Let Go of the Beam!

Let Go of the Beam!

The gymnast clings, apparently terrified, to the balance beam. A moment ago, when the competition began, she ran to the beam and jumped on it. But now, with arms and legs wrapped in a death grip around the beam, she does nothing…

…for the entire length of her performance. There are no jumps. She does not perform any acrobatics on the beam, not even a little leap. Absolutely nothing. She just holds onto the bar, almost as if it were a bucking bronco that she is terrified will shake her off its back.

But at the end of the routine, the athlete gets off the beam, smiles widely at the bewildered crowd, and bows heartily in the direction of the judges – she seems to think that she did a stellar job. And if clinging with a vise-hold to the beam was the challenge, she certainly wins. But that was not the idea behind this competition.

Years ago, my mother gave this illustration, pointing out that the balance beam is an analogy for the Christian life. She mentioned this only in passing, and she may not even remember that she said it. But even now, all these years later, I still remember this illustration, and it still affects my understanding of the Christian life. Maybe its a tribute to the power of small, edifying tidbits.

If you compete on the balance beam, the idea is not to grip the beam with Herculean strength, as if to keep it from going anywhere. The idea is that you should do gymnastics on it. Let go of it. Run from one end to the other. Leap, do acrobatics, maybe a backflip from one side to the other. Of course, you’ll never be able to do that if you don’t get over your fear of falling off.

So many Christians – my mother pointed out – live their Christian life like a terrified gymnast, clinging to the beam. They want stability, comfort, and nothing else. All they desire is a stable job, a white house with a picket fence, two kids and a dog, if that is your idea of a stable life. They go through life content with this and nothing more.

They have no great plans to advance the kingdom of Christ. They shy away from difficulty. They seem to fear anything out of the ordinary. They cling to the bar.

And they expect, when their life on earth is finished, to get down from the bar, smile at the crowd, and hear God say, “well done, good and faithful servant. Enter into the joy of your Lord.”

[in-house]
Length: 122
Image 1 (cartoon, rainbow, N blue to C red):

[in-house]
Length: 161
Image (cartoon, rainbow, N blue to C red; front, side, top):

Does that sound ridiculous? It does to me.

If you want to compete on the balance beam, you need to get over your fear of falling off – you need faith in your abilities. And if you are living the Christian life, you need to get over your fear of the unpredictable, the chaotic, the things that are out of your control – you need faith in God. Until you trust God, you are always going to cling to that balance beam of life, hanging on, content with the stability that it provides. But you miss the opportunity to do everything that could be done with it.

Even though she shared this with me many years ago, I still remember the analogy. It is a mindset that I have never forgotten, and I still try to live it out. And it is that same analogy that I am pointing out to you now. Thank you, mother!

PS – Please realize that this is an analogy. Of course I am not saying that you can ‘earn favor’ with God by your actions, in the same way that the gymnast earns points through her performance. Grace is a gift of God, not of works, lest any man should boast. I want to clarify this in case anyone gets the wrong impression!

Later Update: After having posted this, I was notified that this illustration is originally from Francis Chan. I never heard it from him, but apparently my mother passed the idea on after hearing him. Everything that I said remains accurate, but I want to give him credit for this superb illustration. You can watch him share this thought by clicking here.

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